In the Hindu pantheon, Lord Shiva is referred to as Mahadeva, the absolute and the greatest god. It is also believed that Lord Shiva first spontaneously appeared as a high mountain in the form of Arunachala in South India, as the first Jyotir Lingam. Subsequently, he also presented himself as smaller Jyotir Lingam in the cylindrical stone shape in twelve different places. His appearance in the form of Shiv Lingam, where indirect human agency was involved around the Lingam, is also in twelve places.

In the Shiv Purana, Shiv Lingam has been referred to as niraakar, or the formless presentation of Lord Shiva. In the saakar, or formed presentation of human appearance, he is known as Mahesh or Jagdeeshwar. Most Shiva devotees recognize the Lingam as an abstract icon of the Divine. The sexual aspect of Lingam as a symbol of Creation in the form of a male phallus is subordinated to the spiritual perspective.

Lord Shiva has three eyes—the sun, moon, and fire. The third eye, “agni”, also is considered as the eye of inner vision; hence, it is often invoked at the time of meditation. It is said that with the third eye, he burned desire, or kama. He therefore is also named Trilochan, the lord with three eyes. He has the crescent moon on his forehead, signifying knowledge and mystical vision. His matted hair and ash-smeared body indicate austerity, and around his neck is the serpent energy, Kundalini Shakti, moving from the spine upwards. Lord Shiva has two sons, Ganpati and Skanda. His main consort, the goddess Parvati, assumes other forms as well, such as Durga, the bright one; Sati, the devoted wife; Bhairavi, the terror inspiring; or Kali, the black one. Nandi, the white bull, is the vehicle of Lord Shiva and is present at the entrance of all Shiva temples. In scriptures, Nandi represents man (jivatman), who is in eternal search of the Divine.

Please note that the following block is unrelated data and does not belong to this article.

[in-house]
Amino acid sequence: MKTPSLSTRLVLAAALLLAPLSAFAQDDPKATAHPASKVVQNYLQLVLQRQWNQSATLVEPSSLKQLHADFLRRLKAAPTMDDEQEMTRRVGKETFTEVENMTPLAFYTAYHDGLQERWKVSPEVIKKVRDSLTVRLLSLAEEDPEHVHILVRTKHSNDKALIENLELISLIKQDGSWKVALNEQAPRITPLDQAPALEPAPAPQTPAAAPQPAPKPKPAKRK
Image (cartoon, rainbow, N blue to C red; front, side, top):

Lord Shiva is one of the Gods in the Hindu Trinity – Brahma, Vishnu, and Shiva. In the Vedas, Lord Shiva is also known as as “Rudra”, the god of storm associated with destruction. It was from this narrative that He came to be known as the God of Destruction amongst the three primary mythological Gods. However, soon a significant benevolent characteristic of “Compassion” was discovered in Him, when He drank the dark poison to save the universe. Instead of swallowing the poison, Lord Shiva retained it in his throat and is therefore known as the god with the blue throat, the “Neelkantha”. Gradually, many more features were discovered like His utmost austerity smearing His body with ashes, His mastery of the art of dancing as “Natraja”, His stance of Yoga and Meditation which designated Him as the originator of these two pursuits etc. This established a dynamic pattern in Hindu theology to search and discover more and more attributes in all divine manifestations to become the role models for mankind, to be inspired and prompted to imbibe similar qualities and virtues in their own life